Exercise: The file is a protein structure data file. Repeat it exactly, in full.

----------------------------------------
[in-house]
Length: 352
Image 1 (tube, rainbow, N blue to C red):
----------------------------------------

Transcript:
[in-house]
Length: 352
Image 1 (tube, rainbow, N blue to C red):